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GPs go forth

DH 'told workforce review to ignore GP numbers'

Exclusive A major review of the primary care workforce was asked not to make any recommendations on GP numbers, as the Government has claimed it was not needed.

The chair of the review has told Pulse he was told not to focus on GP staffing levels following discussions between the Department of Health and Health Education England, who commissioned the report.

This was despite the health secretary at the RCGP conference in October last year promising the review would be an ‘independent study’ on what GPs were required ‘area by area’.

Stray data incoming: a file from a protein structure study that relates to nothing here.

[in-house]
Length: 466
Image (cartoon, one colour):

The DH told Pulse that staffing data were published last month on the NHS England website - although Pulse has reported there there are concerns around the accuracy of these data, and the GPC has called for them to be withdrawn.

Mr Hunt made a pre-election commitment that a Conservative government would create an additional 5,000 new GPs – a commitment he has since rolled back on, saying it is now only the ‘maximum’ that will be recruited.

The Primary Care Workforce Commission report, released last week, made a ‘note’ of this committment, but made no concrete recommendations on the GP workforce.

Instead, it largely focussed on recommending other non-GP roles - such as physician associates or pharmacists - who could ease the pressure on GP workloads.